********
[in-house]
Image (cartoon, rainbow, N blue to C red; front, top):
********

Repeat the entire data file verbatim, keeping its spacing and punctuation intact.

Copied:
[in-house]
Image (cartoon, rainbow, N blue to C red; front, top):